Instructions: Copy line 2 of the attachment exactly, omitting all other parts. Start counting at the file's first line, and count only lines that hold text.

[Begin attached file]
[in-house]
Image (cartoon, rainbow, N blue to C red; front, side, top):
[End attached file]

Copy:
Image (cartoon, rainbow, N blue to C red; front, side, top):